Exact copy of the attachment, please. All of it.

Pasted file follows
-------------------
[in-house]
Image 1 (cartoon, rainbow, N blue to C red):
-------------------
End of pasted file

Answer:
[in-house]
Image 1 (cartoon, rainbow, N blue to C red):